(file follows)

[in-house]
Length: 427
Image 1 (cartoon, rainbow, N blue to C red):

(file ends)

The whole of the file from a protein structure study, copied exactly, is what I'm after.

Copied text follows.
[in-house]
Length: 427
Image 1 (cartoon, rainbow, N blue to C red):